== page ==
For nearly a century, geologists have believed that complex animal life first emerged in the Cambrian Explosion, some 500 million years ago. More recent research shows that it can be traced back much further than that, and is hinting at some of the factors that drove evolution.
When the delightfully named Charles Doolittle Walcott discovered fossils of strange creatures in the Burgess Shale in Canada, in 1909, geologists believed that they had found evidence for the first flowering of complex life on Earth. Dated to about 500 million years ago, the event became known as the Cambrian Explosion, and that is exactly what they seemed to imply – that complex life had suddenly exploded on Earth, in many different forms, out of almost nothing.
Interpreting the fossils posed some serious challenges. All were new to science, and few seemed to have obvious descendants. Amongst the most unusual was one appropriately named Hallucigenia, which seemed to have 14 unarticulated legs and a row of curling breathing tubes on its back. Only later, when it was eventually turned up the other way, did it become clear that its tubes were legs and its legs were spines, and that it wasn’t quite so stiff-limbed after all!
As more fossils of a similar age were found elsewhere in the world, over following decades, the case for this first blossoming of life seemed to be well-proved. But over the last thirty years or so, older fossils have started to emerge. The first of these discoveries, in 1946, was from the Ediacarian rocks of Australia, which date to the late Pre-Cambrian (ca. 540 million years ago). Since then, further finds have been made in Siberia, Namibia, Brazil, Canada and China. Some, such as the Chinese sites (at a possible 635 million years) are not yet firmly dated. But a well-dated site in Newfoundland shows that complex life existed at least as far back as 571 million years ago.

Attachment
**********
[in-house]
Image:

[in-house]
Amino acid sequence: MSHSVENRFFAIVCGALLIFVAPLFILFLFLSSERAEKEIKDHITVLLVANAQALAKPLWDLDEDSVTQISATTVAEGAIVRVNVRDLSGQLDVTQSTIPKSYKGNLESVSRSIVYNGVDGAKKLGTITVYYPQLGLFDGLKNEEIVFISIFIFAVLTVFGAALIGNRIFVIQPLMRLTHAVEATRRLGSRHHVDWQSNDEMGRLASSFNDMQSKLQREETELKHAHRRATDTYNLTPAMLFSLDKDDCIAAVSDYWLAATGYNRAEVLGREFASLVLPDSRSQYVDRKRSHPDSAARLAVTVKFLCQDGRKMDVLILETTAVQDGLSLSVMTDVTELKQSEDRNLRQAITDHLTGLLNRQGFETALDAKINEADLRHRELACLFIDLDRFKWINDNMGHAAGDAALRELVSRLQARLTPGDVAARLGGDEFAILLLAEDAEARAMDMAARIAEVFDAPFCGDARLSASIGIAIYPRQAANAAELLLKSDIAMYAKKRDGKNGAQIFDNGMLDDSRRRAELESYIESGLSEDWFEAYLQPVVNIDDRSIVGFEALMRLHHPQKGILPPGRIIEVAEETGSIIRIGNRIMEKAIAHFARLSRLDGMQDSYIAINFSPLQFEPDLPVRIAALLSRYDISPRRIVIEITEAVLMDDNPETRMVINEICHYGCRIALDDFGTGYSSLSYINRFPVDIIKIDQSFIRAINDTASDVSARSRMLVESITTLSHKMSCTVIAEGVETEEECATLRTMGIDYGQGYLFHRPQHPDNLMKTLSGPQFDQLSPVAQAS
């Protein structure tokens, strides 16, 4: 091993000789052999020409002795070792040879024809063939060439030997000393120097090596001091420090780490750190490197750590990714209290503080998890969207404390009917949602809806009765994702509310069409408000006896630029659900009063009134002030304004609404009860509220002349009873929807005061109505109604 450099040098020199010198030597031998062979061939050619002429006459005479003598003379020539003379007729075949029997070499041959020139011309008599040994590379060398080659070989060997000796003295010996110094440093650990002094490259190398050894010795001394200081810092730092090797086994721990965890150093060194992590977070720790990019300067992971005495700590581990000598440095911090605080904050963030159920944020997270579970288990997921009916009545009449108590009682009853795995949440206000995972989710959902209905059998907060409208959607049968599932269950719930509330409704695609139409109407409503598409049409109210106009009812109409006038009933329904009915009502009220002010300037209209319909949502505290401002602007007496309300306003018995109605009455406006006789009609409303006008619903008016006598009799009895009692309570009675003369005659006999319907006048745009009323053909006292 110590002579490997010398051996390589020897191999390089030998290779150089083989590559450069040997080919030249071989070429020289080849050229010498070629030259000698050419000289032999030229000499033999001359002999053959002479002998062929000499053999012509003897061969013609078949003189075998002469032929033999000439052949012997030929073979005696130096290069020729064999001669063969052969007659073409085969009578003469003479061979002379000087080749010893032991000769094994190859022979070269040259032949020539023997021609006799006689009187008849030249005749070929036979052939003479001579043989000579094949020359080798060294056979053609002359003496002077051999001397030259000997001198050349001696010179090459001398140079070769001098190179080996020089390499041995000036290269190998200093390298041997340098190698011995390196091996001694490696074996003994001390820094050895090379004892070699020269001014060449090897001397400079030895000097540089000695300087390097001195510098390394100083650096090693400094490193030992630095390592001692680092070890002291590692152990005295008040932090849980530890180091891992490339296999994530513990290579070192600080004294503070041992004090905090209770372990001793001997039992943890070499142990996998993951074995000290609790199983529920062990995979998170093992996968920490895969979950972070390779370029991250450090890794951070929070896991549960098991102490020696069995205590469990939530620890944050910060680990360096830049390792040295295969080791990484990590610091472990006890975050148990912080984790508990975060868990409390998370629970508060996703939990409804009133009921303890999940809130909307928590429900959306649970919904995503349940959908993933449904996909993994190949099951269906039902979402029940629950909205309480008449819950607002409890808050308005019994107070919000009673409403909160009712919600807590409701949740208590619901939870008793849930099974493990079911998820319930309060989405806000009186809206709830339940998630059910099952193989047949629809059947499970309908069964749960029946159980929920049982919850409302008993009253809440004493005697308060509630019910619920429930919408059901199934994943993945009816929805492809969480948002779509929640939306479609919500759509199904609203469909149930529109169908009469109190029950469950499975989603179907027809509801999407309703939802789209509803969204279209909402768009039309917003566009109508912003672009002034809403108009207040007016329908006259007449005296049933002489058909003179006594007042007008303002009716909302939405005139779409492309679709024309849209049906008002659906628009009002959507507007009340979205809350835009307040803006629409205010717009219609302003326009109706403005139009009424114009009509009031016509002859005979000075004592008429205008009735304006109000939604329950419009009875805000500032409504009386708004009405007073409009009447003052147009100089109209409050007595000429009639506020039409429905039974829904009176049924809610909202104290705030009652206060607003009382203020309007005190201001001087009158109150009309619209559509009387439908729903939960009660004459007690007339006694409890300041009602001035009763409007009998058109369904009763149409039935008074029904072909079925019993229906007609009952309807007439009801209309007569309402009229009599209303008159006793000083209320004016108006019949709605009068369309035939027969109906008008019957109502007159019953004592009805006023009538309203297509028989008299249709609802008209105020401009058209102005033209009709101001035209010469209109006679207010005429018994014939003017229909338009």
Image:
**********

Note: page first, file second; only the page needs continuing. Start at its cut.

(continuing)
The fossils from these Ediacarian sites are not so glamorous as the Burgess Shale finds. The oldest all seem to be soft-bodied creatures, rather like algae, and were probably sedentary. Some, however, bear scratch marks that suggest they might have been grazed by predators, and the first evidence of burrowing animals also appear.
But life did not stay like that. By 550 million years ago, the first animals with skeletons appear in limestone deposits in Siberia, Namibia and Brazil. The development of skeletons was a crucial innovation, for they offered several evolutionary advantages: in particular, protection from predators. It also shows that reef formation was possible for the first time.
What drove this early evolution is still not wholly clear. But new geochemical techniques suggest that for most of the Pre-Cambrian the oceans were subject to major swings in the levels of oxygen. At the end of ‘Snowball Earth’ about 630 million years ago (when the planet is believed to have been largely ice-bound), oxygen levels were low. Over the next 90 million years, however, there seem to have been at least four brief periods when oxygen levels rose high enough to allow animals to allow calcium carbonates to form, and skeletons to be made. In each of these, life flourished; each time oxygen levels fell again, mass extinction occurred.
As all this shows, the early evolution of life on Earth goes back much further, and is far more complex, than we had previously imagined. It also suggests that geochemical changes in the oceans may have been a major driver for evolution in these stages. One other thing also seems certain. There is still much more to learn.
For more on this story, see:
Rachel Wood 2019 The rise of animals. Scientific AmericanVol 320, No. 6, June 2019, pp. 20-25.
The NMRC Blog
An occasional article about things geological, inspired by things Club members have done or found, or by recent scientific discoveries.